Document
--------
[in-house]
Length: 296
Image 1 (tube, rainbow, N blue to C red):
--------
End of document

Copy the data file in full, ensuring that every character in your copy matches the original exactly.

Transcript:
[in-house]
Length: 296
Image 1 (tube, rainbow, N blue to C red):